Authors: B. V. Larson
“Depressurization!” shouted the weaponeer next to me. “Seal up, everybody!”
Sargon linked with Veteran Harris and reported the hit. It had to be a chunk of shrapnel. There wasn’t any other explanation. I frowned in concern. This shouldn’t be happening. Nothing like this was in the briefing.
I looked up at the hole and my computer systems automatically went to work, analyzing and recording it. Our helmets did more than protect our brains. There was a full set of computer displays inside. The heads-up display, or HUD, overlaid whatever we looked at with computerized data concerning the item in question. Our eyes were tracked, and whatever we focused on was analyzed and anything the suit’s computer knew about it would be immediately displayed. Viewed externally, the sophisticated helmets were a cross between a biker’s protective gear and something a deep sea diver might have worn a century ago. But from the inside, it looked like a flight simulator.
The computer listed “hull breach” as the number one analysis bullet point. There was a small suggestion box at the bottom of my faceplate that recommended patching it immediately. The recommendation wasn’t very useful in this instance, as I wasn’t qualified, nor did I have any gear for the job. I stayed in my seat.
Veteran Harris came back down the row and stopped at the leak with what looked like a plunger. The silver tip moved like liquid and looked gelatinous, however, as if it was made of flexible metals. It melted into the gap and sealed it.
The old man gave me the finger and walked away. I stared after him, bemused.
“That guy hates me, but he seems to be looking out for me at the same time,” I told the weaponeer.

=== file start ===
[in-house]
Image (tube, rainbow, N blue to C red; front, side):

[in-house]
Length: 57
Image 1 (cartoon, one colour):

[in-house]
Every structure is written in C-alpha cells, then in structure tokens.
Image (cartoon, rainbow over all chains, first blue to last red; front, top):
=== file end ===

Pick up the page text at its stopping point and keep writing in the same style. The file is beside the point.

“Just don’t get between his guns and the enemy. He’ll cut you down if he has to. The same goes for me.”
I shrugged, less than encouraged. My job was to snipe and scout. I was expendable and expected to die. New troops in every legion started off that way. To get good gear, you had to earn it. Only experienced survivors who’d proven themselves in combat became regular light troops, or heavy troops with expensive armor and energy weapons. Good gear wasn’t produced on Earth, and the legion had to use hard-won Galactic credits to buy it. They didn’t like wasting such a precious resource on a loser.
The buzzer finally sounded, and the big light on the ceiling went green. It was go-time. All thoughts of equipment and Cancri-9 vanished from my mind. I wasn’t even worried about the saurians I was about to meet on the planet’s surface. I was worried about not going
on my first day out.
Properly managing a drop-pod wasn’t a trivial task. First off, just loading yourself into one was dangerous. Rather than a calm process where each soldier was strapped into the delivery system by competent techs, the method used was dangerous and tricky.